• Announcements

    • khawk

      Download the Game Design and Indie Game Marketing Freebook   07/19/17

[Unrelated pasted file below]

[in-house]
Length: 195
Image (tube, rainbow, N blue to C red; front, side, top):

GameDev.net and CRC Press have teamed up to bring a free ebook of content curated from top titles published by CRC Press. The freebook, Practices of Game Design & Indie Game Marketing, includes chapters from The Art of Game Design: A Book of Lenses, A Practical Guide to Indie Game Marketing, and An Architectural Approach to Level Design. The GameDev.net FreeBook is relevant to game designers, developers, and those interested in learning more about the challenges in game development. We know game development can be a tough discipline and business, so we picked several chapters from CRC Press titles that we thought would be of interest to you, the GameDev.net audience, in your journey to design, develop, and market your next game. The free ebook is available through CRC Press by clicking here. The Curated Books The Art of Game Design: A Book of Lenses, Second Edition, by Jesse Schell Presents 100+ sets of questions, or different lenses, for viewing a game’s design, encompassing diverse fields such as psychology, architecture, music, film, software engineering, theme park design, mathematics, anthropology, and more. Written by one of the world's top game designers, this book describes the deepest and most fundamental principles of game design, demonstrating how tactics used in board, card, and athletic games also work in video games. It provides practical instruction on creating world-class games that will be played again and again. View it here. A Practical Guide to Indie Game Marketing, by Joel Dreskin Marketing is an essential but too frequently overlooked or minimized component of the release plan for indie games. A Practical Guide to Indie Game Marketing provides you with the tools needed to build visibility and sell your indie games. With special focus on those developers with small budgets and limited staff and resources, this book is packed with tangible recommendations and techniques that you can put to use immediately. As a seasoned professional of the indie game arena, author Joel Dreskin gives you insight into practical, real-world experiences of marketing numerous successful games and also provides stories of the failures. View it here. An Architectural Approach to Level Design This is one of the first books to integrate architectural and spatial design theory with the field of level design. The book presents architectural techniques and theories for level designers to use in their own work. It connects architecture and level design in different ways that address the practical elements of how designers construct space and the experiential elements of how and why humans interact with this space. Throughout the text, readers learn skills for spatial layout, evoking emotion through gamespaces, and creating better levels through architectural theory. View it here. Learn more and download the ebook by clicking here. Did you know? GameDev.net and CRC Press also recently teamed up to bring GDNet+ Members up to a 20% discount on all CRC Press books. Learn more about this and other benefits here.